Scientists have always been worried about the runaway effects of climate change. Did anyone think that we might have rising concentrations of cholera-causing bacteria in our oceans as a result of higher temperatures?
If rising temperatures on land are enabling bed bugs and drug-resistant diseases to proliferate, it stands to reason that something similar might happen in our oceans. And it is. A 200 page document detailing over 100 EU-funded marine watch projects shows that since the 1980s, there has been an increase in the Vibrio bacteria. Why do we care? Well, in addition to causing food poisoning, gastroenteritis, and septicemia, one genus of Vibrio – namely V. cholera – causes cholera.
The comma bacteria
Scientists began observing Vibrio concentrations in our oceans in the 1960s. They discovered that towards the end of the 1980s, when ocean temperatures began to rise, so too did bacteria.
In their report, the Daily Mail quotes the researchers as being concerned about the economic costs that such changes in our oceans will effect. They are worried that millions of Euros will be wasted on healthcare.
What’s more important than money?
But this report signals something even more important than the financial costs. We tend to think of climate change as being something that will impact future generations, which makes it a lot easier to carry on driving our hummers and eating big juicy burgers, when it is actually a present tense situation.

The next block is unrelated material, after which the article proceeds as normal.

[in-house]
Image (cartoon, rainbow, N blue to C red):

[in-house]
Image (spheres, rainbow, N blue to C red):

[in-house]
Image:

One contributor to the report, marine scientist Katja Philippart from the Royal Netherlands Institute of Sea Research, told the paper: ‘What was striking to me was the enormous pile of evidence that things are already happening.
Love in the time of cholera
Typically associated with poor sanitation, cholera outbreaks used to occur on a regular basis before the industrial revolution, killing thousands of people at a time, and still occur once in a while in underdeveloped nations. While the real extent of danger is yet unknown, European researchers have demonstrated that climate change, and not lack of hygiene, is increasing the presence of vibrio bacteria in our seafood.
The report was released in advance of the recent Project CLAMER (Climate Change and Marine Ecosystem Research) meeting in Brussels, a collaboration of 17 European marine institutes. Other effects of climate change reported include melting ice, rising sea levels, coastal erosion, increased storm intensity and frequency, acidification, and deoxygenation.